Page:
Signalongs – Bastardization or Authenticity of ASL Music Artistry.
Yep. We do have a controversy. I am vocal about people using American Sign Language to translate musical lyrics. I have strong opinions about this.
“ASL Music- An Oxymoron” vlog which I created on October 11, 2007 when I noticed a disturbing trend of people who are not Deaf are using American Sign Language to express themselves by ‘translating’ musical songs. I get peeved by watching these videos. This vlog generated a lot of discussion.
I have learned few things.
1. Hearing people and some D/deaf people LOVE music. It is like a ‘gospel’ to them. I can respect that.
2. Hearing people appreciate visual movement complementing with music. That’s why they love going to concerts and watch an artist singing and dancing on the stage. It is enthralling for them. Same for chorus at religious places. I get it.
3. Using American Sign Language as a part of visual movement with music, is a best hook for the audience who never seen ASL on the stage. It is the only way they can get exposed to it. I get it too. I certainly get it.
4. Tying up music with ASL – it is like a glue for young adults who want to learn, and thus helped the popularity of American Sign Language.
5. Taking ASL classes by itself didn’t really help with translation/interpretation of musical lyrics. People who take ASL classes alone thought that if they learn a sign for a word, then they will “match” that sign with lyrics. That’s what is happening out there. They just don’t understand that ASL and English are two separate languages, and you cannot link these two languages together. That is a no-no.
6. Some students who decide to enter into the interpreter training programs, and use their skills to translate lyrics with ASL without going through the complex interpreting process, and not asking Deaf ASL fluent artists for any feedbacks or giving them some credit. That is a no-no.
In past few years, there is a resurgence of Deaf and CODA artists working collaboratively with skilled and talented Deaf filmmakers, and they produce high-quality ASL Music videos. The most recent one is Camp Mark Seven’s Pharrell’s “Happy”. This video went viral with almost 850,000 hits.
Also, I learned that Rocky Mountain Deaf School produced this “Happy” video and it was posted on May 30, 2014.
Two completely different translations, with two different video and editing work. Both are good.
Now, I want to address the controversy with Paul and Tina Sirimarco’s Signalong videos. They created the first video, “You’re The One That I Want” from Grease, which went viral. It has 1.25 million hits on YouTube.
After releasing this video, Paul and Tina produced more videos which resulted a strong following of fans and supporters. They decided to set up a fundraiser website where they can collect funds to produce more musical videos and educating/teaching American Sign Language for the audience. Their goal is to spread the ‘gospel’ of ASL to the masses. I was bit upset because Tina who is an interpreter did these songs along with her fiance, Paul who are learning ASL to join with her for duets, and their signs are hard to follow and I am unable to appreciate their work. I have seen some of the signs which are conceptually wrong, and it does not make any sense to me. That is called a bastardization of ASL. Several Deaf people tried to tell them of their concerns, gave suggestions, but quickly dismissed and called them as “haters”.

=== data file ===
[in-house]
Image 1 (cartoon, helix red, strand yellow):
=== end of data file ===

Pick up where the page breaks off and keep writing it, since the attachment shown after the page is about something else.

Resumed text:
Before you call me as a hater. Please read on.
I want show you another video posted on Facebook on August 23, 2014, done by a different couple, Becky Poehling Woodall (ASL Interpreter) and Daniel Woodall (Child of Deaf Adults and also an ASL Interpreter) did the duet in their car translating “Fine By Me” by Andy Grammer. Please check this song’s lyrics here.
What do you think? I watched this video and I am moved by their stellar interpretation and translating this music with ASL as authentic as possible.
Paul and Tina Sirimarco, and others – please respect American Sign Language and if you want to express music with ASL, do them right way and seek for the best role models such as the Woodalls and Deaf/ASL fluent artists for feedbacks before posting online.
One Commenter suggested that I show a video of talented Deaf artists creating ASL Music that should be showcased on my blog. I wholeheartedly agree with this commenter. I checked many videos done by Deaf people and these videos are mostly interpreting to ENGLISH lyrics in ASL, but did not convey the music itself. It looked bit flat to me.
The only possible visual Representation of using ASL to convey music itself, and not interpreting to ENGLISH lyrics. “Hand Music” from the film In The Land Of The Deaf by Nicolas Philibert.
I am hoping that we can do bit differently, by expressing ourselves using ASL first, and then add music to it. I would love to see a Deaf person’s interpretation of Beethoven’s Symphony 9 using ASL classifiers and movements only. That would be challenging and creative too!
Also, please support our Deaf/ASL fluent performers and artists. How can we show support? Go to YouTube and seek for their videos and click LIKE! Share this video on Facebook with your friends. Donate money and resources for them to produce more high quality videos. Invite them to your local ASL Festivals to promote their art. Give them credit and recognition, write articles, blogs, tweet, and anything!
Here is a list of Deaf Professional Artists – go to D-PAN website here. If there are more names, let me know by leaving a comment here.
There is one fundsource website seeking for funds to create a professionally made ASL music video, Let it Go. Please go there now to make donations.
Amy Cohen Efron